seasonal coat color distribution of mustela frenata (long-tailed weasel) in north america

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Kelly Matheson Winter Ecology – Spring 2006 Mountain Research Station – University of Colorado, Boulder. Seasonal coat color distribution of Mustela frenata (Long-tailed Weasel) in North America. What influences the color of long tail weasel individuals found in an area of transition? - PowerPoint PPT Presentation

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  • Seasonal coat color distribution of Mustela frenata (Long-tailed Weasel) in North AmericaWhat influences the color of long tail weasel individuals found in an area of transition?

    The long tailed weasel is a very successful small carnivores. In North America they exploit habitats ranging from prairies to forests to arctic tundra and are geographically distributed throughout the conintental U.S.

    Kelly MathesonWinter Ecology Spring 2006Mountain Research Station University of Colorado, Boulder

  • Seasonal coat color distribution of Mustela frenata (Long-tailed Weasel) in North America1. Seasonal coat color change2. Physiology of seasonal molt3. Advantages of seasonal molt4. Distribution of Mustela frenata 5. Factors influencing the molt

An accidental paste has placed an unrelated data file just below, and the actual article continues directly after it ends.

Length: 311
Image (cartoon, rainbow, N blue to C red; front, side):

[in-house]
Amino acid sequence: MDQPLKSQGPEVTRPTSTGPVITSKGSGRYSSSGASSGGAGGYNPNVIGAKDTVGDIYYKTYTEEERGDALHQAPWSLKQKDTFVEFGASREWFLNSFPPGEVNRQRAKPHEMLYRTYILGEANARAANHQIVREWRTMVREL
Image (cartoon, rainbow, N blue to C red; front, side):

• Seasonal coat color changeAll three species of N. Amercian weasels and other species of mammals from arctic foxes, hares and lemmings, molt to a white coat in the winter and brown coat in the summer

  • Seasonal coat color changeIn species that do change and have been studied, the change from one color to another is the result of a molt, the loss of fur, of one color, and the growth of fur of a different color.

  • Fig. 1 Overview of physiology of molt and color change in weasels.Feder, S. 1990

  • Why molt to white?White coat offers a thermal advantage -Feist & White suggest that a white coat may be better suited in cold, sunny and windy conditions at wind speeds in excess of 3 m/s, thereby allowing more incident UV radiation to the skin. But, insulative qualities of fur are dependent on length and density of fur.

    According to King (1989), pelage depth and density do not significantly change in weasels. And, smaller mammals like weasels have a larger surface area to volume ratio, demonstrating an increased mass specific rate of heat loss.

  • Why molt to white?White coat offers a thermal advantage -Length of fur and fat accumulation are limited by hunting behavior of weasels.This coupled with the long thin shape of the weasel does not appear to support the theory that a seasonal molt to white offers any thermal advantage to the long tailed weasel.

  • Why molt to white?White coat offers a thermal advantage - Not likelyWhite coat serves the purpose of camouflage Weasels do not practice the sit and wait strategy of hunting.Solitary searchers, specializing in the ability to explore every nook and cranny for small prey, cannot camouflage movement.

  • Why molt to white?White coat offers a thermal advantage - Not likelyWhite coat serves the purpose of camouflage A white winter coat is not an adaptation to cold but rather for camouflage, both to avoid predators and to aid in the pursuit of prey.